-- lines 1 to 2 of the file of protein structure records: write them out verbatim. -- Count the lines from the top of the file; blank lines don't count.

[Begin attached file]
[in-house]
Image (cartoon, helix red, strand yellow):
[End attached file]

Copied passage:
[in-house]
Image (cartoon, helix red, strand yellow):